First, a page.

Political committees are required to disclose their spending, but in the final hectic days leading up to an election, it’s easy to lose track of all the last-minute money.
And some disclosures don’t even show up until after everyone has voted.
Filings from just before and just after Election Day provide a glimpse of the issues that are important to people and who is backing them financially.
Here are some things you probably didn’t know before you voted.
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George Soros opposed the amendments
Liberal billionaire philanthropist George Soros’ lobbying organization contributed $500,000 to groups opposing the proposed constitutional amendments. His group, Open Society Policy Center, split the contribution between two committees formed to defeat the measures: $200,000 to Stop the Deceptive Amendments and $300,000 to By the People.
Together, those two North Carolina groups collected $8.5 million to oppose the amendments. Four amendments passed: a tax cap, hunting and fishing rights, protections for crime victims, and requiring voters to show photo identification. Two amendments failed that would have shifted power to the legislature.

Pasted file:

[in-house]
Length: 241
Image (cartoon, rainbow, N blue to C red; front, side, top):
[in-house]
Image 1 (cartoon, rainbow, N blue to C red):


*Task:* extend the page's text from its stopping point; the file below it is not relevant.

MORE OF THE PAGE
Soros has been a lightning rod of controversy from the right. His group reported spending $16.1 million on lobbying in Washington last year, according to Roll Call.
Teachers’ union chipped in against them, too
Financing for Stop the Deceptive Amendments included $300,000 from the Washington-based New Venture Fund; $500,000 from the National Education Association teachers’ union; $250,000 from Make N.C. First; $775,000 from N.C. Citizens for Protecting our Schools; $1.6 million from the State Engagement Fund, a Washington nonprofit group funded by the NEA; and $3.5 million from The Sixteen Thirty Fund, a Washington-based organization involved in social and environmental issues.
The campaign against the proposal to lower the cap on state income tax from 10 to 7 percent was led by school and local government officials. Educators were concerned that lowering taxes could deprive schools of sufficient funding to fix buildings that have fallen into disrepair.
By the People, which was formed to oppose the amendments, was joined by a coalition of groups including the state chapters of the NAACP and the ACLU. Its list of financial and in-kind backers includes a who’s-who of North Carolina progressive-leaning advocates: Blueprint N.C., which is a coalition of dozens of nonprofit organizations, gave $285,000; the N.C. Conservation Network, $50,000; N.C. Voters for Clean Elections, $50,000; American Civil Liberties Union, $50,000; Center for Community Self Help, $50,000; Progress N.C.: $50,000; Common Cause, $50,.000, and the Washington-based America Votes, $200,000.
“It was an ambitious fundraising effort among interested organizations,” Melissa Price Kromm, director of N.C. Voters for Clean Elections, said in an email Friday. “Frankly, we surpassed what we thought we could raise.”
Wake County donor funded Supreme Court candidate
The campaign that helped sink N.C. Supreme Court Justice Barbara Jackson’s re-election bid was largely funded by a key Democratic Party donor.